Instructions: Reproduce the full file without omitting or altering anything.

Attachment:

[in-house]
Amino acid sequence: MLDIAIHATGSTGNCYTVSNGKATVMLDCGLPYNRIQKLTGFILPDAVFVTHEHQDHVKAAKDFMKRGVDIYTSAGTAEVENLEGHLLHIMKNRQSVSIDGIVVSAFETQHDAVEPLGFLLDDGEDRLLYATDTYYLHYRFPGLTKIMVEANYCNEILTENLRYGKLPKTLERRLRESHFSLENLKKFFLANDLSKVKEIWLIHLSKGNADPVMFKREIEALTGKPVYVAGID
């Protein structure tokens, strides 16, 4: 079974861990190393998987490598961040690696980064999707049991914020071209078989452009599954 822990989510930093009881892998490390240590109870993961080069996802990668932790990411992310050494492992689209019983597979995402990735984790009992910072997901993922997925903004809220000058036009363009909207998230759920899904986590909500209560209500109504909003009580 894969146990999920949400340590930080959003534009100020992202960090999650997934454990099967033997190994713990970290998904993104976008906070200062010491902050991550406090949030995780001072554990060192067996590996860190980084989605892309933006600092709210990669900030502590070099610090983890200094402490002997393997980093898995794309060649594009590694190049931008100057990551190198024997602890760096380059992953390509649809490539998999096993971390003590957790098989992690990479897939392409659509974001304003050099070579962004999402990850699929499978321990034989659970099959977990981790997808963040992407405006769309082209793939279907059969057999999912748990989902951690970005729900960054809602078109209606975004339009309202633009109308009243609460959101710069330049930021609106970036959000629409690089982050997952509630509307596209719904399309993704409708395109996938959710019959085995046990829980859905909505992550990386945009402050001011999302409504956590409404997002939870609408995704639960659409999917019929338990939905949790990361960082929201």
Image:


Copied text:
[in-house]
Amino acid sequence: MLDIAIHATGSTGNCYTVSNGKATVMLDCGLPYNRIQKLTGFILPDAVFVTHEHQDHVKAAKDFMKRGVDIYTSAGTAEVENLEGHLLHIMKNRQSVSIDGIVVSAFETQHDAVEPLGFLLDDGEDRLLYATDTYYLHYRFPGLTKIMVEANYCNEILTENLRYGKLPKTLERRLRESHFSLENLKKFFLANDLSKVKEIWLIHLSKGNADPVMFKREIEALTGKPVYVAGID
């Protein structure tokens, strides 16, 4: 079974861990190393998987490598961040690696980064999707049991914020071209078989452009599954 822990989510930093009881892998490390240590109870993961080069996802990668932790990411992310050494492992689209019983597979995402990735984790009992910072997901993922997925903004809220000058036009363009909207998230759920899904986590909500209560209500109504909003009580 894969146990999920949400340590930080959003534009100020992202960090999650997934454990099967033997190994713990970290998904993104976008906070200062010491902050991550406090949030995780001072554990060192067996590996860190980084989605892309933006600092709210990669900030502590070099610090983890200094402490002997393997980093898995794309060649594009590694190049931008100057990551190198024997602890760096380059992953390509649809490539998999096993971390003590957790098989992690990479897939392409659509974001304003050099070579962004999402990850699929499978321990034989659970099959977990981790997808963040992407405006769309082209793939279907059969057999999912748990989902951690970005729900960054809602078109209606975004339009309202633009109308009243609460959101710069330049930021609106970036959000629409690089982050997952509630509307596209719904399309993704409708395109996938959710019959085995046990829980859905909505992550990386945009402050001011999302409504956590409404997002939870609408995704639960659409999917019929338990939905949790990361960082929201």
Image: